Which Infomercials Are Lying?

The Infomercial Money Machine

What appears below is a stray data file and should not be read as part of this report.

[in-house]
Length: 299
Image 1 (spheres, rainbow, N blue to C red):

Note: Consumer Reports has no relationship with the advertisers on this site. Ladies and gentlemen, do you scrub, scrape, and scour baked-on crud on cookware; cry over gallons of spilled milk; fall off your ladder when cleaning gutters; and torture yourself to get a firmer fanny? Wish there were a better way? Then stay up late tonight, rub your magic TV remote, and—abracadabra!—Infomercial Genie will save the day. Infomercials are the Rodney Dangerfields of advertising: They've gotten no respect for their quirky hucksters, ceaseless superlatives, and corny product names since at least the early 1960s. That's when Ron Popeil pioneered the Ronco Veg-o-Matic, once claimed to be "the only appliance in the world that slices whole, firm tomatoes in one stroke. French fries? Make hundreds in 1 minute!" But infomercials are a mighty money machine. They can chop marketing costs to as little as one-tenth the size of a traditional advertising campaign. They can slice posted prices when they lard the total bill with shipping and handling fees and other extras. They can dice consumer pocketbooks into 100 billion $1 bills a year, then miraculously sweep away that unsightly paper using patented credit-card technology. The secret lies in neuroscience. Infomercials are carefully scripted to pump up dopamine levels in your brain, says Martin Lindstrom, an advertising expert and author of "Buyology: Truth and Lies About Why We Buy," which details how ads affected 2,000 research subjects. "Infomercials take viewers on a psychological roller-coaster ride," Lindstrom says. The fun starts with dramatizations of a problem you didn't know you had, followed by the incredible solution, then a series of ever more amazing product benefits, bonuses, and giveaways, all leading to the final thrilling plunge of an unbelievably low price. After the ride, Lindstrom says, "dopamine levels drop in 5 or 6 minutes. That's why infomercials ask you to buy in the next 3 minutes." —Subscribe to ConsumerReports.org or check out Consumer Reports’ Money advice. Photo Credit: Michale